film review: Inglourious Basterds (2009)6 Comments
There’s only really two directors that I would say I’m a big fan of, Michel Gondry and Wes Anderson, in case you were wondering… but I do admire the films of Quentin Tarantino. They’re always so stylish, so cool. I met him briefly once at a signing in HMV Dublin and he was just as cool as I expected, security were keeping us all moving but I’m sure if he could he would have had a chat with all of us.
But like I said, I wouldn’t describe myself as a big fan. I haven’t exactly enjoyed all of this films. They’re all classy and they’re all… cool but I didn’t really like Reservoir Dogs or Kill Bill: Vol. 2 that much and to be honest… and I know this is some kind of blasphemy to some, but I wasn’t that pushed on Pulp Fiction either. Parts of it were good… I should point out that I only saw it a few years ago, so long after I’d heard a lot of hype about it, and I thought the same thing as I did after I saw Taxi Driver; is that what all the fuss was about?
Anyway, this isn’t a review of QT, it’s a review of Inglourious Basterds, so I should really get on with it.
I knew going into Inglourious Basterds that it’s a long enough film, this theatrical release is 153 minutes long. I know it’s a thing that might put people off and I think that’s important to know from the outset. Personally I don’t mind relatively long run times, as long as I know in advance. In fact I check how long all films are before I watch them. It saves me the annoyance of thinking a film is over when it isn’t; in the past this had spoiled my enjoyment of a film… not any more. I recommend this tactic. So now you know how long it is, don’t complain if your bum gets sore or you have to go to the toilet. Drink less and go to a comfortable cinema. Actually, these days 153 mins isn’t even that long… so perhaps I didn’t even need to mention. But now you know.
None of this tells you about the film though and to be honest I think you’re better off not know much about it. It’s a lot more interesting plotwise than I thought it would be. I guess I’d forgotten that behind all the talking and all the style, QT always holds his films up with a strong plot. (I haven’t seen Death Proof though, despite having a signed book of the script, so don’t go moaning at me if it doesn’t have a plot). QT keeps the action in bitesized chunks and it makes the length easier to… digest as it were.
So finally, what did I think of this one? I thought it was a good romp, great fun and it futher reinforced my belief that Brad Pitt absolutely deserves an Oscar. I’ve thought that since 1996 though… but he is just so funny in this, if I hadn’t seen 12 Monkeys or Fight Club I would have said he should just do comedies. Not that Inglourious Basterds is a comedy. Nor is it a war movie. It’s kind of a thriller, action, drama with some funny parts. QT has done a great job of melding together the different genres and balancing them so it holds your interest. It’s worth mentioning Christoph Waltz too, well cast.
It’s not really like any other movie I’ve seen recently so I don’t know how to recommend it really. Obviously if you’re a Tarantino fan you should see but if you’re not… then I guess it really depends on the kind of films you like. I wouldn’t say that it’s a big crowd pleaser. I thought it was brilliant but I just don’t know how other people will experience it. Course it could be one of those films that captures the imagination and everybody loves. Certainly I didn’t hear anyone complaining as I was leaving the cinema and I always listen around on the way out. On balance I think I should recommend it to everyone… but just don’t go in with any particular expectations.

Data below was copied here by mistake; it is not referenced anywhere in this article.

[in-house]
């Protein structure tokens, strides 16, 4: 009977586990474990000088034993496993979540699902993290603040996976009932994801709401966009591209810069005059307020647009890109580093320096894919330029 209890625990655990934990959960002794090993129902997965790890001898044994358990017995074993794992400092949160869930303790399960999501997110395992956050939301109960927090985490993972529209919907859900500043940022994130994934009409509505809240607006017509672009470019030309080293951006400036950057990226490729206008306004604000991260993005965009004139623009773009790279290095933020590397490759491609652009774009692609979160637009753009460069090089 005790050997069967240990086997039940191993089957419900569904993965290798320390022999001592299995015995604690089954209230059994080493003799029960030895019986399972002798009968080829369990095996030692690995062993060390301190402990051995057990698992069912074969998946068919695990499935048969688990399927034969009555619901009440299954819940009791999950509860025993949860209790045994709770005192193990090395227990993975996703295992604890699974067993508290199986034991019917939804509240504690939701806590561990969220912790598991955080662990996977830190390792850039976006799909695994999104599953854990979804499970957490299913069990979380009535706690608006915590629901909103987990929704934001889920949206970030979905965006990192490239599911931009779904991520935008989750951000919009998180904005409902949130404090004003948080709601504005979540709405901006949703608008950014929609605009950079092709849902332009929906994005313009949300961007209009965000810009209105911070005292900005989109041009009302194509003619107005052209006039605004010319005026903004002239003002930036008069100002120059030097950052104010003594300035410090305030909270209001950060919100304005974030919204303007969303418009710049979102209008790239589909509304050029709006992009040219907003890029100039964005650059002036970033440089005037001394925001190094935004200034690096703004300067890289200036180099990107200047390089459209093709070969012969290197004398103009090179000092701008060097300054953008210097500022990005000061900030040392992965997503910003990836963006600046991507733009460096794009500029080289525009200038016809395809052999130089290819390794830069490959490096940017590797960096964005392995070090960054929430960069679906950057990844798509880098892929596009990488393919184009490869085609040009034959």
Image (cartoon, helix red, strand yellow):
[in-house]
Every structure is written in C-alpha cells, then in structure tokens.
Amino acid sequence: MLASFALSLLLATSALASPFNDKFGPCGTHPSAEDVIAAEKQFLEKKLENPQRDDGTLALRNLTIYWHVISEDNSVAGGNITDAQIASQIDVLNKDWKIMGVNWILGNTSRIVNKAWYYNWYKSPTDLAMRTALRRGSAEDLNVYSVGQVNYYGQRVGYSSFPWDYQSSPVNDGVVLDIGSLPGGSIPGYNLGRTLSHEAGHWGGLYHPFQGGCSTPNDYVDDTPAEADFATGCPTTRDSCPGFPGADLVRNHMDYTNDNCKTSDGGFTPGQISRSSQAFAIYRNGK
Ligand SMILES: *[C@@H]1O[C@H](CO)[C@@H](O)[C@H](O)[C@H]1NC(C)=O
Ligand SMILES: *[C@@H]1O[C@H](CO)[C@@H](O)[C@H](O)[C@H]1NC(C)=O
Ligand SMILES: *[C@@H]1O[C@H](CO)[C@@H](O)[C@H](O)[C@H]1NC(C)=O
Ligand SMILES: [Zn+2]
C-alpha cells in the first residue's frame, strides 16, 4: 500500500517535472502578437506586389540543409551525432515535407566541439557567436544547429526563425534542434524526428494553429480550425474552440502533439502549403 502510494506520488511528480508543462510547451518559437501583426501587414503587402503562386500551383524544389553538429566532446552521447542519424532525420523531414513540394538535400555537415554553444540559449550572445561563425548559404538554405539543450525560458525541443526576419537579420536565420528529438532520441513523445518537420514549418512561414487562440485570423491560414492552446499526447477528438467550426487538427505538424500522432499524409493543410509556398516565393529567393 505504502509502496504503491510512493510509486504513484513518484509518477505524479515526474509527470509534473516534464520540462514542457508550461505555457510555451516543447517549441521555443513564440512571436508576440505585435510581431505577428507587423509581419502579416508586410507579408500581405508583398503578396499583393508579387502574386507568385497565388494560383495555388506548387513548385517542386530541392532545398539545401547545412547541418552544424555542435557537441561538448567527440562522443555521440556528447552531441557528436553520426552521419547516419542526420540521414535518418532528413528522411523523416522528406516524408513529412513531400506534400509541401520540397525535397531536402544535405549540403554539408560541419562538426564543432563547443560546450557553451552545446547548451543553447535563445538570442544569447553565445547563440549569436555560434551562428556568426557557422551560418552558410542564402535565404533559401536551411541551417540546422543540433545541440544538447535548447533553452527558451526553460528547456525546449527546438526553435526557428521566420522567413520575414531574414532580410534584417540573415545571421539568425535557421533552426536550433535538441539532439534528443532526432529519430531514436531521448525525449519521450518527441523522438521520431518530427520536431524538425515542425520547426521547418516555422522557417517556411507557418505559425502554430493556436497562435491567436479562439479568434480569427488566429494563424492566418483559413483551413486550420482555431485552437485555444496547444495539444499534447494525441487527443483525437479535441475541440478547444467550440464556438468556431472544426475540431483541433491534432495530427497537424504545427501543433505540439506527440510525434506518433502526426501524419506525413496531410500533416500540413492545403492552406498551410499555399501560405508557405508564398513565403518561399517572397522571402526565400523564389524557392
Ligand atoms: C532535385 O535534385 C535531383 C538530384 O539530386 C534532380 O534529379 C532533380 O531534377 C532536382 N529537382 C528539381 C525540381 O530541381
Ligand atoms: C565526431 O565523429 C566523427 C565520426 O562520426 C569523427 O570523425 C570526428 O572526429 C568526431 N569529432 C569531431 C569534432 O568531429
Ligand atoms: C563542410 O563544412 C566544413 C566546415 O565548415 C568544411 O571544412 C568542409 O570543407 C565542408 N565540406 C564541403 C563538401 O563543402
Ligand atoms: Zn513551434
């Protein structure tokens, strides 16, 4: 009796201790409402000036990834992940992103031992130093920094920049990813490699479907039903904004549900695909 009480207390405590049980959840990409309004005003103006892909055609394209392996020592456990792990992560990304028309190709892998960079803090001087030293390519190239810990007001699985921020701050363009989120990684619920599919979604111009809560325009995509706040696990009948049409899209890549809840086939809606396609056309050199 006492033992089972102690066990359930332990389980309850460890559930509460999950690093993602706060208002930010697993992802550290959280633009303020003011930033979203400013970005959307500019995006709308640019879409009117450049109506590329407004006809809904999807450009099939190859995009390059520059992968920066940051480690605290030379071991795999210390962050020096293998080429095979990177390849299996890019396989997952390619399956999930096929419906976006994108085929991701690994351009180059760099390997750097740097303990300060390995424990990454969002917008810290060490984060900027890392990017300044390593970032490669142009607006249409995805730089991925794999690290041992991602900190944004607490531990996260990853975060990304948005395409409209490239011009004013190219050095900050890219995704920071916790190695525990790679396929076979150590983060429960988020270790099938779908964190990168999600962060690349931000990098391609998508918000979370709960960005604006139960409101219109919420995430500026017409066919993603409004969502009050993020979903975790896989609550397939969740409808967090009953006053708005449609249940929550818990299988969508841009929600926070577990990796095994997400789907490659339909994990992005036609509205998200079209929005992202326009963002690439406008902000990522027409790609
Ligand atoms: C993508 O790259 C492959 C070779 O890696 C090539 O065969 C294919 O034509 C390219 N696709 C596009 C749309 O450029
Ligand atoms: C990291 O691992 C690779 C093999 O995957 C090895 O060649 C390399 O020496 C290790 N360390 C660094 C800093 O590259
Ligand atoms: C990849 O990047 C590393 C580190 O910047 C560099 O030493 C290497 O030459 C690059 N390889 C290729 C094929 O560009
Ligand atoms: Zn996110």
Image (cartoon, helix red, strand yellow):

The thing about QT is that I don’t really think his films have a definite signature. I mean ok, some people say his storytelling is his signature, or his reference to pop culture, or his use of music… but the fact is, you can’t have three signatures, certainly not if you don’t use all of them in all your films… He’s not like Wes Anderson or Michel Gondry, who both have a definite visual style. It’s not a bad thing that he doesn’t but it just makes it hard for me to be sure about him. That’s why, even though I really loved Jackie Brown, Kill Bill: Vol. 1 and a number of other films he was involved in – (though not Hostel, let me make that clear… not Hostel) – I’m just not sure if I love QT. This film’s taken him one step closer though. I’m not entirely convinced that it’s a masterpiece but it’s definitely one of the best films I’ve seen this year, it’s a film that I’d be happy to watch again.
Oh, also, it’s not particularly gruesome or violent but if you are squeamish you might need to look away once or twice. It really mainly plot and dialogue driven.
An afterthought: I had a look at a couple of negative reviews and I must say, I just don’t see why some people are criticising it because it doesn’t accurately portray WWII or the different sides of the war. I really don’t get it. It’s a film, a work of fiction. Ok, it takes one idea from reality, but that doesn’t mean it then has some obligation to be a documentary. It’s not even particularly about the war, it’s just set during the war. You could have made this films about an epic struggle between cats and dogs if you wanted to. Actually….